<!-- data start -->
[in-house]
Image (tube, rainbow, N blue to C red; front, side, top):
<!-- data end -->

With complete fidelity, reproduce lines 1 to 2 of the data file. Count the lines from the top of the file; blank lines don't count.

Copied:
[in-house]
Image (tube, rainbow, N blue to C red; front, side, top):